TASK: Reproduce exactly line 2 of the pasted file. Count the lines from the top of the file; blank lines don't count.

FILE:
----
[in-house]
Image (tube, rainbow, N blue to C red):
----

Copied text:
Image (tube, rainbow, N blue to C red):